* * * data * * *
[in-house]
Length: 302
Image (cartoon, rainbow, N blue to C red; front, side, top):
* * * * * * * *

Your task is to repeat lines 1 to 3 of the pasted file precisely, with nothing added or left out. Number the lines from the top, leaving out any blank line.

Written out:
[in-house]
Length: 302
Image (cartoon, rainbow, N blue to C red; front, side, top):